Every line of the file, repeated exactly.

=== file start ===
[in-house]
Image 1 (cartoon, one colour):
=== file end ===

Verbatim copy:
[in-house]
Image 1 (cartoon, one colour):